22. @calhoun I don’t think that’s true. It seems like there’s a lot of confusion about this — especially for people who aren’t from areas where there’s a lot of pedestrian traffic (i.e., outside downtown areas). I notice this question coming up a lot on the Seattle PI’s “Getting There” traffic blog, for example January 2010.

    People don’t think about pedestrians at all (except as a source of irritation) unless they’ve been one themselves.

  23. @mike.silva Agreed. Especially when the consequences are so dire. It’s easy to say (or post internet comments about) things like “pedestrians who are stupid enough to dart into traffic should get run over!!!1!!,” but the reality of a dead person — an actual dead human being, can’t possibly be justified.

    Also, you’d think they’d realize hitting someone would leave a heck of a dent in their car.

  24. @calhoun:
    This has not been my experience. 99% of the right turn near-misses and hits I’ve seen (and experienced) have been where the pedestrian had a walk signal and the driver was not paying attention. Usually it’s a driver who’s been eager to make a right on red for the duration of the light, and once it turns green they gun it, not bothering to look for people first. I see this play out nearly every time I stand at the northwest corner of Denny and Olive Way, and have seen cars brush back pedestrians while careening around that corner. I also frequently yell at drivers for doing this on Pike and 12th. I used to work near a corner with a dedicated walk phase for the signal sequence, with red lights for all the drivers. Nearly every day I had to yell at some inattentive driver trying to make a right on red during the walk phase, and twice I was hit by cars failing to see me before they made their turn.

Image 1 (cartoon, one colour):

Also, when the light starts to flash, it means don’t *start* walking, not that people aren’t allowed to be in the intersection. It means you have a set amount of time until the light turns red, if you want to sprint across the street that’s your prerogative, you still have a right to be in the crosswalk. Drivers are still required to yield to pedestrians until the solid don’t walk is displayed.